To document my third finding, I use a 2007 law change in Delaware that reduces the role that the monitoring by creditors (i.e., banks, bondholders, etc.) plays for firms (the “Gheewalla ruling”). For the subset of US firms with high creditor monitoring before the Gheewalla ruling, I then compare firms incorporated in Delaware to firms incorporated in other states. After the Gheewalla ruling, I find a decline in profits and valuations for firms in Delaware compared to firms in other states. However, as shown in Figure 1, this result holds only in the subset comparing Delaware and non-Delaware firms that low-PAR investors own. For firms owned by high-PAR investors, there is no difference in performance between those in Delaware and those in other states. This finding corroborates the positive effect of high-PAR monitoring on firm performance. This is because only firms with low-PAR monitoring exhibit deteriorating performance in response to the reduction in creditor monitoring.
Figure 1: This figure presents the dynamic difference-in-differences estimates of the May 2007 North American Catholic Educational Programming Foundation, Inc. v. Gheewalla ruling (Gheewalla ruling) in Delaware (DE), a plausibly exogenous reduction in creditor monitoring in DE, on Return on Assets (operating profitability) and Market to Book value (market valuation). In blue, the coefficient estimates document how firms incorporated in Delaware perform compared to firms incorporated in other states around the Gheewalla ruling. The top row is designated Low PAR and reports firms below the median of the top five PAR institutions’ average PAR, measured at the beginning of each quarter but excluding firms that change their designations at any time over the investigated period. The bottom row is designated High PAR and reports firms above the median of the top five PAR institutions’ average PAR, measured at the beginning of each quarter but excluding firms that change their designations at any time over the investigated period. Control variables are stock return, log of total assets, debt, investment expenses, research & development expenses, sales growth, ownership of top five blockholders, and ownership by insiders, normalized by shares outstanding. All covariates are lagged by one quarter. Due to year-quarter and firm fixed effects, regression coefficients identify within-firm variation. In red, 95% confidence intervals around the coefficients based on heteroskedasticity-robust standard errors adjusted for clustering by the interaction of state-year-quarter are presented.
Implications for researchers and lawmakers
These findings suggest revisiting much extant academic and policy work concerning the drivers and implications of institutional shareholder engagement. Extant academic work focuses on institutional investors with large ownership stakes (blockholders) and finds either no, or a negative, relation with firm performance. However, my findings suggest that for institutional investors, it is not the size of their ownership stakes but their PAR that incentivizes performance-enhancing shareholder engagement. As a result, existing research that does not control for institutional shareholder engagement using the PAR measure is ultimately incomplete.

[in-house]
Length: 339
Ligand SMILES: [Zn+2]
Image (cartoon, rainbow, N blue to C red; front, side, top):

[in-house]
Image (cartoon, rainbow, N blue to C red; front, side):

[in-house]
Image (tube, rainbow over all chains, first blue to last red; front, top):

Extant policy work focuses on index and mutual funds’ transparency vis-à-vis costs and portfolio holdings while mandating—and thus expecting—them to be informed monitors, e.g., through proxy-voting at shareholder meetings (17 CFR § 270.30b1-4). However, my findings show that it is not diversified institutional investors operating in an industry focused on cost-minimization that undertake performance-enhancing (but costly) monitoring efforts. Instead, high-PAR investors undertake such performance-enhancing shareholder engagement, having a lot to gain from their monitoring efforts due to their concentrated bets. As a result, my findings suggest a refocus away from policies that impose governance efforts onto large asset managers toward policies that facilitate the monitoring efforts of smaller institutional investors. Eventually, academics, capital allocators (such as pension funds), and lawmakers must consider the governance role of smaller but undiversified institutional investors. These undiversified institutions counter the rise in diversification-driven shareholder passivity, bringing about positive real economic effects.
Felix Nockher is a Doctoral Candidate in Finance at the Wharton School of the University of Pennsylvania.
This post was adapted from his paper, “The Value of Undiversified Shareholder Engagement,” available on SSRN.